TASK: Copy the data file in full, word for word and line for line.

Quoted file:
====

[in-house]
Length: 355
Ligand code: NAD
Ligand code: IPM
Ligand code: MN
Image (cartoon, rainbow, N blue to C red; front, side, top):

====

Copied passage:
[in-house]
Length: 355
Ligand code: NAD
Ligand code: IPM
Ligand code: MN
Image (cartoon, rainbow, N blue to C red; front, side, top):